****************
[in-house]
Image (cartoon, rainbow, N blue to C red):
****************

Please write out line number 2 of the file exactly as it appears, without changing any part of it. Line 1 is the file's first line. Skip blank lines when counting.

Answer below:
Image (cartoon, rainbow, N blue to C red):